Taking care of you during Pregnancy
Pregnancy care (Including Turning Breech and Induction)
Whichever trimester you are in, acupuncture can help.
Acupuncture can be used to assist with a range of pregnancy related conditions as an alternative to taking medication.
General pregnancy care
Nausea and vomiting (Morning Sickness)
Fatigue and exhaustion
Back pain, sciatica, pelvic and hip pain
Anxiety and Depression
Headaches and Migraines
Constipation and Haemorroids
Gestational carpel tunnel syndrome
Pre-birth acupuncture to prepare the body for labour
Musculoskeletal conditions are often experienced during pregnancy, and acupuncture is often an affective treatment:
• Rib pain
• Hip pain
• Pelvic pain
• Carpel Tunnel Syndrome
If your sickness is prolonged and you are unable to eat, acupuncture can be very effective.
Morning sickness affects 50-80% of pregnant women.
Nausea and vomiting typically begins between weeks 4 and 6 of gestation.
60% of affected women are better by week 4
90% are better by week 16.
In a small number of cases it may persist through the entire pregnancy.
About 30% of pregnancies end in miscarriage.
Acupuncture pre-conceptual care should include treatment to offset any weaknesses that a woman might have that might lead to miscarriage, especially if they have experienced one already.
Habitual miscarriage or recurrent spontaneous miscarriage (RSM) is a diagnostic label used when three or more consecutive miscarriages have occurred.
The causes of habitual miscarriage are largely unclear but may include:
• Maldevelopment of the foetus
• Luteal phase defective
• Blood-clotting disorders
• Thyroid disorders
• Endochrine disorders
• Immunological reactions
• Anti-nuclear antibodies
• Uterine problems (including endometriosis or fibroids)
• Incomplete cervix
• Maternal disease
• Stress and anxiety
For those women who have had previous miscarriages, receiving TCM treatment to prepare the body is just as important as treatment during pregnancy itself. Ideally treatment should start 3 months prior to conception. If possible, a woman should not try to get pregnant for between 6 months to one year after a miscarriage. TCM sees a miscarriage as hugely draining and the woman’s body needs time to recover before attempting another pregnancy.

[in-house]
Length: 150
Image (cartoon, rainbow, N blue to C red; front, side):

Anxiety and Depression
Around 15% of pregnant women suffer from anxiety, and around 20% suffer from some form of depression. Elevated distress and depression scores are associated with more negative pregnancy outcomes, such as preterm labour, delivery complications, low birth weight, and poor maternal-foetal attachment.
A substantial proportion of women who are depressed during pregnancy continue to be depressed during the postpartum period, affecting not only the mother but also the infant. Depressed pregnant women are rightly reluctant to take antidepressant medications.
Insomnia can complicate anxiety. Reasons why women experience insomnia in preganancy may be due to nausea or increased urination, or even a history of insomnia pre-pregnancy. Women with persistent insomnia may have previously been self-medicating with alcohol, herbal remedies or medication, but will of course want to avoid these in pregnancy.
Pregnancy induced Hypertension (PIH) or pre-eclampsia refers to elevated blood pressure during pregnancy. It occurs in over 5% of pregnant women in the UK. PIH is closely monitored since if it is left untreated there is a potential for eclampsia to develop, a serious condition with maternal convulsions and the possibility of maternal and foetal death. However, eclampsia is now extremely rare due to antenatal care. Women entering pregnancy with pre-existing high blood pressure will be closely monitored.
Acupuncture can be given as a support to regular medical intervention, but not as an alternative.
Turning a Breech
The optimum time to turn a breech with Moxabustion is around week 34, this is before the baby has grown too large.
Nearly 50% of breech babies turn spontaneously by week 36, so midwives and doctors often wait until week 36 before discussing options. In clinical practice it is best to begin treatment as near to week 34 as possible, although it is still worth trying up to week 39.
In the final weeks of pregnancy new discomforts often appear, such as heartburn, constipation, varicose veins, leg cramps, feet and hand swelling, insomnia, anxiety and tiredness. Women may also experience frequent urination as the baby presses on the bladder. Research has shown that acupuncture during this time can shorten the duration of labour in first time mothers by 25%.
If it is seen as necessary by a woman’s midwife or doctor to medically induce labour, the use of acupuncture can be commenced three days prior to the medical induction. The aim of the acupuncture is to help establish contractions and promote cervical dilation. Even if labour does not commence spontaneously, feedback from midwives suggest that a woman’s cervix is more favourable following acupuncture/acupressure and that there is an increased chance of a woman progressing through the induction with minimal intervention.